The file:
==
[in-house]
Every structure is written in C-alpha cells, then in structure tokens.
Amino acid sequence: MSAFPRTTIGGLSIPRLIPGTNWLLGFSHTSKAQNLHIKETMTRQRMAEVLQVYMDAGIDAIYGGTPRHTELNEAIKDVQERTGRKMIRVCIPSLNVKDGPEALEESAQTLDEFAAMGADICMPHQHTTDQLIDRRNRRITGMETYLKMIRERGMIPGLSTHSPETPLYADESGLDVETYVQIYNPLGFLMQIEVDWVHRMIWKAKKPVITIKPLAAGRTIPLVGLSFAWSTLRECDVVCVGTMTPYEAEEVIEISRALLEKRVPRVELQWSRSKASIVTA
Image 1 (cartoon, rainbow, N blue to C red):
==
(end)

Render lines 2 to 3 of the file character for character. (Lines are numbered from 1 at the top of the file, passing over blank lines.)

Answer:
Every structure is written in C-alpha cells, then in structure tokens.
Amino acid sequence: MSAFPRTTIGGLSIPRLIPGTNWLLGFSHTSKAQNLHIKETMTRQRMAEVLQVYMDAGIDAIYGGTPRHTELNEAIKDVQERTGRKMIRVCIPSLNVKDGPEALEESAQTLDEFAAMGADICMPHQHTTDQLIDRRNRRITGMETYLKMIRERGMIPGLSTHSPETPLYADESGLDVETYVQIYNPLGFLMQIEVDWVHRMIWKAKKPVITIKPLAAGRTIPLVGLSFAWSTLRECDVVCVGTMTPYEAEEVIEISRALLEKRVPRVELQWSRSKASIVTA